[The phrases become longer and their articulation smoother as more and more notes are absorbed and slurred into a serpentine, legato line. The slurring becomes more prominent and takes on a life of its own beyond the individual pitches it ties together. Then: a glissando downward to an open string, and a rest. And all of it accompanied by the unarticulated sense of "this belongs here, this feels right."]



Improvisation Is Interpretation

The unfolding improvisation is likely to appear to the skilled improviser as an immediate presence, unthought and uncontrived--the natural outcome of a process that seems to set itself in motion and maintain itself. To think about what happens next would be to invite a type of paralysis--to stop the flow of sound. To stop the flow of choices. But despite its largely intuitive direction, free improvisation isn't a musical madness without method. Far from being blind leaps into a void, the individual gestures making up an improvisation are informed: they reflect a set of judgments on the part of the improviser (judgment is simply the other side of choice).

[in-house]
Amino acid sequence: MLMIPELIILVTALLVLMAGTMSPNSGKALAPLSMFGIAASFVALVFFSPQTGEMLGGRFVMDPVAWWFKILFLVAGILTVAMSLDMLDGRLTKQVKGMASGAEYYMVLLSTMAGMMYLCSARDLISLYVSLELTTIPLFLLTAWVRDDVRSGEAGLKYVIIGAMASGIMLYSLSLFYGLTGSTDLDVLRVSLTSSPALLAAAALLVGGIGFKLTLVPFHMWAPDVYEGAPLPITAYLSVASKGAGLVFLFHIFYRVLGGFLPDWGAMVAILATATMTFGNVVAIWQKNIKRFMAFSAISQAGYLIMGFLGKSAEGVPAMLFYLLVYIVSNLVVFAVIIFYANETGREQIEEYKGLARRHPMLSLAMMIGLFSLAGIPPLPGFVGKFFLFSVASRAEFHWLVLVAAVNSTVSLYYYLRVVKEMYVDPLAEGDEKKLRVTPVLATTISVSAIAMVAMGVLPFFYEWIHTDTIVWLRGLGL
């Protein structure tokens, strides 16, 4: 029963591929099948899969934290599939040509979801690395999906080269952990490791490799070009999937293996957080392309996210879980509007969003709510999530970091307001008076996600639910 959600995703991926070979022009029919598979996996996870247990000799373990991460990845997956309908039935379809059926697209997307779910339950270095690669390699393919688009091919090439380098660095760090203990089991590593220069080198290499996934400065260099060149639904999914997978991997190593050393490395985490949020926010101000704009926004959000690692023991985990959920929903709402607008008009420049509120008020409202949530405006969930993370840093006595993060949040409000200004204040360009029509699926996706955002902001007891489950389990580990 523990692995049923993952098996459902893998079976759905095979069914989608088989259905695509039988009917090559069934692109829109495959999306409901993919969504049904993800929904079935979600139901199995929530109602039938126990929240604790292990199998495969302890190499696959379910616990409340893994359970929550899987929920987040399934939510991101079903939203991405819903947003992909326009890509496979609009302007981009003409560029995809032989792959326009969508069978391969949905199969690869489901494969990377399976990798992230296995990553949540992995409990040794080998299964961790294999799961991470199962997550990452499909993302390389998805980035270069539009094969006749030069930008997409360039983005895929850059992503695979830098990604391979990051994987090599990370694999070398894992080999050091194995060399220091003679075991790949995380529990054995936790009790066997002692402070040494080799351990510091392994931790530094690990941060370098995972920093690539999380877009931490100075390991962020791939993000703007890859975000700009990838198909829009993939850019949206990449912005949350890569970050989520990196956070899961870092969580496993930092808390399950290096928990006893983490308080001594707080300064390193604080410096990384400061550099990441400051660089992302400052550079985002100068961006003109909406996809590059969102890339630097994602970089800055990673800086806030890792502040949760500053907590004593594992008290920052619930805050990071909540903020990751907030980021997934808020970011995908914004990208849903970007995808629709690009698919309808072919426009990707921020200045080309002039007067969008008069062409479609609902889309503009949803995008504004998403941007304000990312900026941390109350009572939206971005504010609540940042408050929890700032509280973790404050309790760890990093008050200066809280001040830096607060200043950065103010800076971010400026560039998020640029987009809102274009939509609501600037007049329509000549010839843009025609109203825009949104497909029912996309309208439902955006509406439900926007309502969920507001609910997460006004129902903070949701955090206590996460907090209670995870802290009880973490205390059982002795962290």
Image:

As is so often the case, a parallel from the visual arts provides an illuminating analogy. In a 1979 conversation with students at the University of Connecticut, painter Robert Motherwell described an insight he had into the process of painting a canvas:

And suddenly I realized that each brush stroke is a decision and it's a decision not only aesthetically:--will this look more beautiful?--it's a decision that has to do with one's gut: it's getting too heavy, or too light. It has to do with one's sense of sensuality: the surface is getting too coarse, or not fine enough. It has to do with one's sense of life: is it airy enough or is it leaden? It has to do with one's own inner sense of weights [of whether or not the texture's weight feels like one's sense of one's own weight].